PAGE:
Last month, the Sudanese authorities made moves in the Security Council to define UNITAMS functions, including political action.
In addition, local press reports indicated a divergence of views between United Nations and African Union envoys on the form and content of the political process required to end the Sudanese crisis.

Nevertheless, the mechanism continued to jointly confirm its work to support the Sudanese in finding a way out of the current crisis resulting from the October 25 military coup, facilitating a return to constitutional status and a transitional path towards civil rule, democracy and peace in Sudan.
In earlier statements, UNITAMS President Volker Peretz said that the mechanism was not imposing any solution on the Sudanese, but to facilitate the process of reaching a Sudanese solution. He noted that the results of previous consultations had shown many areas of consensus and convergence and showed that a solution was possible if there was political will.
“We don’t have much time, at a time when the country has been experiencing economic, social and security deterioration over the past months,” he said.
He reiterated the commitment of the United Nations to cooperate with its african Union and IGAD facilitator partners to help the Sudanese parties reach a solution that would return the country to a real transitional path that would end with free elections and democratic civil rule that fulfilled the aspirations of the Sudanese people.

No solution or bargaining between elites can be sustained without the participation and acceptance of young people, women and resistance committees, according to Peretz, who believes that what is needed at present is an uncomplicated solution, suitable for the inherently limited transition.
At a time when a wide range of forces are working against the coup, most notably the resistance committees on what they called the establishment of a new phase of people’s authority to discuss all Sudanese issues, the joint mediation mechanism says that the next stage is not enough to focus on all outstanding issues, but on issues of getting out of the crisis, noting that other issues should be discussed at another stage for a Sudanese dialogue on important structural questions such as the constitution, the distribution of resources and the relationship between the center and the margin.

The dialogue is expected to face many complications under the tripartite mechanism’s approach, in terms of opening the door to the participation of political forces that were involving the regime of ousted President Omar al-Bashir until its fall on April 11, which is rejected by the revolutionary forces, not just freedom and change.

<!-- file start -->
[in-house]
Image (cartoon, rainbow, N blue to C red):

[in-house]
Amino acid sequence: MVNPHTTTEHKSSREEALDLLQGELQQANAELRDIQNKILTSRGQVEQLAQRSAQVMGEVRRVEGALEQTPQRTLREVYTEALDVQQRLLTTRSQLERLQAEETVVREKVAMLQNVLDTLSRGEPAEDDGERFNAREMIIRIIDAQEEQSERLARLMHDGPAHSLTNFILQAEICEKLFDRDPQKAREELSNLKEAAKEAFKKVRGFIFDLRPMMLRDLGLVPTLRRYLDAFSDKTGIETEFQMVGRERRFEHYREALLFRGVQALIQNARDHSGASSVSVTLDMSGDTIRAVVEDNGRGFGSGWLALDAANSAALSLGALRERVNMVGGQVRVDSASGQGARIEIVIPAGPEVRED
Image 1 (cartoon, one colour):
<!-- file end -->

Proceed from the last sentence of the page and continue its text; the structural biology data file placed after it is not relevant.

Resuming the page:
In addition, the need to achieve the requirements for holding the dialogue before setting its date, announced by Freedom and Change and a number of revolutionary forces, includes the abolition of the state of emergency, the release of detainees and the cessation of violence and repression of demonstrations against the coup.

There are those who believe that the entry of the African Union into the political process, of which UNITAMS led the first phase, held the mediation work and derailed it, pointing out that the African Union envoy is unacceptable to some revolutionary forces, which consider that he has worked to attach parties unrelated to the dialogue, amid fears of flooding the political process and drifting away from the main objective of the dialogue, namely, the departure of the military from the scene and the handing over of power to civilians.

Many agree, referring to the following results of the speedy joint mechanism in setting the date of the preparatory meeting,

Some also point out that so far the military has not made any prior concessions under which dialogue will take place and that there should be agreement in the form of future military civil relations, in addition to determining the tasks of the transitional period and linking it to a not-long period of time after which an election date will be set.